Sales of neighbourhood shopping centres in NSW jumped 50 per cent in 2017 as record sub-6 per cent yields spark an increase in sales activity.
More than $620 million worth of neighbourhood centres changed hands in New South Wales in 2017, with yields compressing 20 basis points over the past 12 months.
Research conducted by CBRE indicated that the increased level of activity was largely driven by corporate and institutional groups both acquiring and divesting “in a push to recalibrate their portfolios and capitalise on current conditions”.
“With changing lending conditions, the growth of online retail, coupled with current pricing, investors are placing increased focus on opportunities that provide income growth and future value add potential,” CBRE’s Nick Willis said.
[Related reading: Northcote Shopping Centre Sells with Yield of Less than 4%]
Notable transactions during the year included Parramatta’s Entrada Shopping Centre for approximately $35 million, representing a 5.6 per cent yield, and Pittwater Place in Mona Vale on a yield of 5.1 per cent.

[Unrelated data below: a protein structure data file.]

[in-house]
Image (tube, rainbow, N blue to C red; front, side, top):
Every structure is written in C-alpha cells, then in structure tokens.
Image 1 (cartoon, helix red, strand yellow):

Chester Square Shopping Centre in Sydney’s south-west last year broke the national record for the sharpest neighborhood shopping centre yield at just 3.78 per cent.
“With continued momentum from 2017 and strong weight of capital pursuing retail investments, we anticipate continued improvement, largely for metropolitan markets, which is being driven by a lack of supply and increased investment demand for assets offering these attributes.”
Headwinds are expected for the sector in 2018, although centres focused more on food and drink are viewed as somewhat recession-proof.
CBRE senior research manager Daniel Lee said that food and beverage retailers remain more defensive against online retail.
“Larger retailers fared better than smaller retailers in 2017 with 3.8 per cent and 0.7 per cent growth respectively. Retailers such as supermarkets should be more defensive against a cyclical downturn and threat of online retailing,” he said.